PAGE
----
As soon as the control circuits have reached their stable, steady state condition, i.e. when the individual components are fed through the feed line 14 to the static mixer 13, anyone of the flowmeters 10 detects a not tolerable deviation of the rated value, all switch-over valves 11 get again switched to make the communication with the return line, such that all components, i.e. also those components flowing with a mass flow which corresponds to the rated flow, are again fed back in a closed loop to the storage tanks 1-4. This state is now maintained until the single control circuit, in which a deviation has been detected, has again reached its rated value. Thereafter the switching of the switch-over valve is initiated and all components led again to the mixer 13 for the final production.
The detecting devices 18, 19, 20 detect whether the final product prior to for instance the bottling features truly the characteristics of the specific product being marketed (for example concentration, pH-value, acidity, viscosity, contents of acidity and sugar, alcohol, etc.). Accordingly, a controlling or checking, respectively, of the produced mixed product is made. As example it can be mentioned that the detecting device 18 determines the density, the detecting device 19 the acidity and the detecting device 20 the concentration of the mixture. If now one of the detecting devices 18-20 detects a deviation from the rated value, the switch-over valves 11 are again switched to the return flow state (although the individual mass flows according to the flow meters 10 correspond to the rated values). At the same time, an alarm is produced, such that an operator can check the entire plant regarding any defects. A variety of reasons may give rise for such a defect case, for instance a wrong recipe for the beverage, a wrong selection of the individual components or it is also possible that defects have occurred at measuring or detecting devices. By the above after-checking, it is accordingly not possible that the final product does not correspond to the given features or characteristics. If now the method forming the basis of the illustration of FIG. 3, whereto also reference is made to FIG. 2, is compared with known methods, the following important advantage can be seen.
According to the diagram of FIG. 1, the respective mixture is led away as waste, i.e. as loss of the production during the time span v until all control circuits have stabilized, are in their steady-state condition. According to FIG. 2 now, these mass flows of the individual components are not led away as waste during the same time span v and rather led back via the bypass, the return line 12, to their individual storage tanks, such that no loss will be suffered at all. It should be borne in mind that the outflow line 17 after the mixer 13 of any production plant extends to racking apparatuses, for instance to bottling apparatuses. Quite obviously, time and again, disturbances or any kind of interruption of the operation can happen in such apparatus, such that the complete mixing plant must be switched over to a "non-load" condition. If now a respective disturbance, i.e. the reason therefor, has been eliminated, the entire plant must again be started up, i.e. it must be put back into operation, whereby the above mentioned losses occur in plants operating in accordance with the known methods, and in contrast thereto, the plant operating in accordance with the present invention, does not produce any loss of any of the components. Interruption of the production can occur at the racking stations several times during one working day, and such must not actually be some kind of break-down or malfunctioning of the apparatus, the reason for such disturbance may for instance simply be that the feeding of the bottles is interrupted for a short time span, because for instance any kind of delivery of the bottles can suffer a short delay or interstice, because the feeding of any other kind of article may suffer a short interruption, for instance labels, because the bottle cleansing and rinsing plant may cause a short interruption, ect.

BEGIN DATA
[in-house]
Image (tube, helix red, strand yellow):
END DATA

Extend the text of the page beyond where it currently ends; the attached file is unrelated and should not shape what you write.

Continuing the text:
Because now the procedure in accordance with the illustrated embodiment is such that on the one hand the respective mass flow of the individual components is measured and the mixing is commenced not earlier than when all actual values correspond to the rated values, and on the other hand the mixture is analyzed once more, and also if during this step an actual value does not correspond to a rated value, a switching over to the returning operation (return line 12) is made, no loss of production whatsoever is suffered, and accordingly a large yield of the production is attained. Furthermore, the plant structured in accordance with the inventive method can be operated simply and quite obviously an extremely high quality standard of the final product is reached.
While there are shown and described present preferred embodiments of the invention, it is to be distinctly understood that the invention is not limited thereto, but may be otherwise variously embodied and practiced within the scope of the following claims.
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|U.S. Classification||366/152.1, 366/182.4, 366/348, 366/142, 366/181.5, 366/181.8, 366/159.1|
|International Classification||G05D11/13, B01F15/00, B01F15/04|
|Cooperative Classification||B01F15/0429, B01F15/026, B01F15/00344, B01F15/00142, B01F15/0437, B01F15/00253, G05D11/132|
|European Classification||B01F15/02B40U, B01F15/00K1B1, B01F15/04G6, B01F15/00K60D, B01F15/04G4, G05D11/13B2, B01F15/00K4|
|May 18, 1989||AS||Assignment|
Owner name: ANGELO CADEO, SWAZILAND
Free format text: ASSIGNMENT OF ASSIGNORS INTEREST.;ASSIGNORS:CADEO, ANGELO;ZELLWEGER, RUEDI;REEL/FRAME:005092/0588
Effective date: 19890420
Owner name: MITECO AG (SWISS FIRM), SWITZERLAND
Free format text: ASSIGNMENT OF ASSIGNORS INTEREST.;ASSIGNORS:CADEO, ANGELO;ZELLWEGER, RUEDI;REEL/FRAME:005092/0588
Effective date: 19890420
|Mar 18, 1994||FPAY||Fee payment|
Year of fee payment: 4
|Apr 6, 1998||FPAY||Fee payment|
Year of fee payment: 8
|Apr 17, 2002||FPAY||Fee payment|
Year of fee payment: 12